UK’s data protection watchdog is calling for organisations to apply security updates to mitigate against exploits of microprocessor flaws as soon as possible to safeguard personal data
Failure to apply operating system software updates to mitigate against the microprocessor exploits dubbed Meltdown and Spectre could put personal data at risk, the Information Commissioner’s Office (ICO) has warned.
Although no live attacks using these vulnerabilities have been reported, malware writers and hackers will be hard at work determining how to make the best use of the vulnerabilities, and checking whether systems are vulnerable, according to Nigel Houlden, head of technology policy at the ICO.
“We strongly recommend that organisations determine which of their systems are vulnerable, and test and apply the patches as a matter of urgency,” he wrote in a blog post.
Houlden warned that the ICO would take the failure to patch known vulnerabilities into account when determining whether an organisation has breached data protection laws.
The 7th principle of the UK’s Data Protection Act requires appropriate technical and organisational measures to be taken against unauthorised or unlawful processing of personal data and against accidental loss or destruction of, or damage to, personal data.
After the compliance deadline for the EU’s General Data Protection Regulation (GDPR) on 25 May 2018, organisations could be liable for a breach of security for failing to take necessary measures to protect personal data.
Houlden said the vulnerabilities provide ways for an attacker to extract information from privileged memory locations that should be inaccessible and secure. One variant of the Spectre exploit potentially allows an administrative user in a guest virtual machine to read the host server’s kernelmemory, which could include the memory assigned to other guest virtual machines.
The implications for data controllers are clear, wrote Houlden. “If these vulnerabilities are exploited on a system that is processing personal data, then that personal data could be compromised,” he said. “Alternatively, an attacker could steal credentials or encryption keys that would allow them to access personal data stored elsewhere.”
Read more about Spectre and Meltdown
- Apple has confirmed that all iPhones, iPads and Mac computers are affected by the Meltdown and Spectre microprocessor exploits as the financial services industry assesses the risk.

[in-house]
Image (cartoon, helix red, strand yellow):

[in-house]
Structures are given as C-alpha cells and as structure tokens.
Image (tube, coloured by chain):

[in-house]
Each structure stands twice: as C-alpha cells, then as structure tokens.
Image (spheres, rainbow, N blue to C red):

- According to the Carnegie Mellon University Software Engineering Institute, Meltdown and Spectre need to be addressed by applying updates and replacing the affected CPU hardware.
- AMD shares rise on news that the performance of millions of Windows PCs, Linux servers and Apple Macs is to be affected by critical updates for a recently discovered security flaw in Intel chips manufactured in the past 10 years.
- Intel advises business customers to apply a security update for some versions of its administration firmware for vPro processors to fix a remote execution flaw.
The ICO “strongly recommends” that organisations determine which of their systems are vulnerable, and test and apply the patches.
Organisations that use cloud service providers should obtain assurances from the provider that these vulnerabilities have been patched, the ICO said.
Noting that some initial benchmarking has indicated that some workloads may suffer performance hits after the Meltdown patches are applied, Houlden said organisations will have to make their own decisions about whether to patch. “But if they choose not to, we would expect significant mitigations to be in place and well understood,” he said.
Having an effective layered security system will help to mitigate any attack, said Houlden, adding that organisations should be looking at their data flows, understanding how their data moves across and beyond the organisation, and evaluating the impact of a data breach.
“Data should be secure in rest as well as when in transit,” he said. “Even if a hacker gets the data, they shouldn’t be able to read it.
“A well-designed system will ensure that the network infrastructure is protected and should incorporate firewalls, access control lists and VLANs [virtual local area networks], as well as non-technological preventative measures such as CCTV, fences and security personnel, if needed.”
Houlden said it is important for organisations to know who has access to what data and for senior management to support security plans to ensure the enforcement of policies and procedures. “The more layered approach you take, the less likely a vulnerability like Meltdown or Spectre could be exploited,” he said.
Source: Computer Weekly
Written by: Warwick Ashford
5th January 2018